Jo Aleh and Polly Powrie have had their protest against disqualification from yesterday's race 6 of the women's 470 thrown out after they failed to lodge their appeal in time.
The decision scuppers their chances of defending their Olympic title given they have incurred two disqualifications but they are still an outside chance of a minor medal.
They were ruled to have crossed the startline early and followed a disqualification on the opening day of racing, when they were penalised for a port-starboard incident.
Both disqualifications carried the maximum 21 points, and saw the defending Olympic champions take a slide down the standings to seventh overall. Had the penalties not been imposed, the pair known as Team Jolly would have been in a share of the lead.
Aleh and Powrie appealed the jury's decision in the first race over the weekend after video evidence of the incident with an Austrian crew surfaced, but they could not convince the five-person panel to budge from their decision.
The protest committee ruled today's protest was invalid because the protest time had expired. The time limit is harsh as it takes considerable time to track down video evidence of the race with no broadcast cameras on the course.
The final three qualifying races in the women's 470 were scheduled for today, but were postponed due to light winds.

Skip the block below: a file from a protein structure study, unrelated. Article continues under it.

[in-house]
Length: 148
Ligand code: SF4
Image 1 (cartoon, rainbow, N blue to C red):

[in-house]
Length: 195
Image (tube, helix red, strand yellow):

After a rest day yesterday the 49er and 49erFX pairings were back out on the water today, with both Kiwi crews in a strong position.
Peter Burling and Blair Tuke extended their lead on the rest of the fleet out to 18 points after three top-three finishes today and Alex Maloney and Molly Meech are second in the 49er FX after finishing sixth, a 12th and third in today's races.
Laser sailor Sam Meech has an opportunity to nab New Zealand's first medal of the regatta later this morning when he contests the medal race. Meech is ranked third heading into the deciding race, which will carry double points, and has a handy nine-point buffer on the fourth-placed boat.
Today's racing was carried out in contrasting conditions. Firstly there was too little wind, and then too much.
Almost as if someone had flipped a switch, a strong wind from the southwest blew across the Rio sailing courses late in the afternoon, causing mayhem and postponing the medal race in the women's Laser Radial.
The men's 49er fleet got in three races. New Zealand's Peter Burling and Blair Tuke went 2-3-1 to increase their lead over Germany's Erik Heil and Thomas Ploessel.
Burling said the wind hit 40-45 knots just after the final race ended.
"The boat was going really fast and there were some beautiful conditions out there, but we got hit pretty hard by a massive squall on the way in," he said. "Everyone here is pretty cold and we have a fair bit of work to do on the boats and check them over."
Did they stay upright?
"No," said Burling, who also serves as helmsman of Emirates Team New Zealand in the America's Cup. "We struggled to stay up with just the pole up."